MARY ETTA was acquired by the Nelson's in 1869 and used as an oyster dredger, transporter, and shrimp boat. She was retired in 1969 to the shady banks of the Bon Secour River.
Although the actual builder remains a mystery, what records exist indicate that the vessel's keel was laid in 1860. Launched as the Curlew, she became property of the Nelson Family in 1896 and was renamed at that time. She is similar to the Biloxi schooners, but her cypress construction and original single mast are clues to researchers that she was likely a member of the New Orleans lugger fleet that plied the coastal shallows in the 1800's and heavily influenced the designers of the later schooners. MARY ETTA carried two masts for most of her active, commercial life. The second mast was added to maker her more competitve with her contemporary oystering vessels.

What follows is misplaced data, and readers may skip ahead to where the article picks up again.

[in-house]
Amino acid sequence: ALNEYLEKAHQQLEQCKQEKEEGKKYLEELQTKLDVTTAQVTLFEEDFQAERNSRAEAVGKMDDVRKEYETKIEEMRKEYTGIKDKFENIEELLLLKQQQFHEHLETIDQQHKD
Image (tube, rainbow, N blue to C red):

After the Railway Express shut down, Bon Secour Fisheries's land-based fleet of tractor trailers transported the catch to its final destination.
A once popular attraction in Bon Secour, Meme's Restaurant drew people from far and near. Damaged during Hurricane Frederick in 1979, it never reopened. People today still come seeking a delicious seafood meal at Meme's Restaurant.
Our C.E.O. John Ray Nelson with his father John A. Nelson
Prior to the expansion in 1978.
After addition of 30,000 square foot plant.
Delivering our products today.
Our in-house Quality Control Department inspects all products before they are shipped.
Our shrimp are carefully graded and packed to maintain superior quality.